I try not to put too much pressure on our travel and vacations. It’s easier now that we are traveling more with our proximity to Europe and our increased savings. It’s also easier because I think we are lot happier in our day to day and there isn’t the “I need this vacation” feeling there once was. When you only go on a trip every two years. and you’re saving for it in those two years, that’s a lot of pressure to have that “worth it” feeling.

      Now I just take a few notes on what worked and what didn’t for future travel plans. We went to Dublin last August and stayed in a hotel. Not being able to do much in our hotel room after 8pm was challenging. I was also really tired of eating out by the end of the trip. So when we went to Edinburgh over Christmas we found an apartment to rent. We really liked being able to cook our own meals and have that extra space.

      I also try and remind myself, you’re on the trip and the money is spent. Best to just enjoy it as much as you can!

  7. Taylor says

    I just want to say thank you for writing this wonderful blog! My husband and I have paid off over 9K of consumer debt (credit cards and car loans) in the last 6 months but still have over 82K of his student loan debt to pay off. We came up with an aggressive plan to get it paid off in the next three years. I know following your blog will help me stay inspired and motivated!!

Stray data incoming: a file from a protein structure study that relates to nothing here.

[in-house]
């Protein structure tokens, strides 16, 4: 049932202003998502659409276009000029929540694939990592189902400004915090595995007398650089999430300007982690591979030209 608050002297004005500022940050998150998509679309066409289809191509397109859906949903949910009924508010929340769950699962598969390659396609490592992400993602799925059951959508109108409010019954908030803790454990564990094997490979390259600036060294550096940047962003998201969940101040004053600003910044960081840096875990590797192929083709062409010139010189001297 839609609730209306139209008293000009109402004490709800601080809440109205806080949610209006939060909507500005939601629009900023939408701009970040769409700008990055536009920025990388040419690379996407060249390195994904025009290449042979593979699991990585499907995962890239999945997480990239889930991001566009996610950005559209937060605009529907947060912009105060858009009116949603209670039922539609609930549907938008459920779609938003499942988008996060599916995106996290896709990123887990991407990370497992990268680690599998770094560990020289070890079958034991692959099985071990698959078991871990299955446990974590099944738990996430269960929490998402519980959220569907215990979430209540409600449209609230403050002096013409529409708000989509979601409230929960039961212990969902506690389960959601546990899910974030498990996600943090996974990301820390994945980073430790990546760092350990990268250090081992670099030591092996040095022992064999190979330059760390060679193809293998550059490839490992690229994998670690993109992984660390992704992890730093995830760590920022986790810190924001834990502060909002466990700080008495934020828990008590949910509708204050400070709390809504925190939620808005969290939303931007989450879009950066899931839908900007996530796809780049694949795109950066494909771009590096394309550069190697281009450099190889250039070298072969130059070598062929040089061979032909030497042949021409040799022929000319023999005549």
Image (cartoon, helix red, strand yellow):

8. KT says

    When I graduated from university I took a job at a credit card company, and quickly realized that the interest rates are just way too crazy. From that moment on I have never carried a balance on my card.
    I use my one credit card exclusively and do pay an annual fee for it. But with three kids and some business expenses, the points give us more in returns than the annual fee costs. I also find it an easy way to track and budget my purchases.

  9. Melissa Crowe says

    Agreed! I can’t take a vacation on credit. I feel like every moment is stolen from a future self who will have to pay that joy off, through drudgery. We have only ever travelled on cash, and that has meant less vacations, for sure, but I had my past self to thank and no future self to feel guilty about. ;-)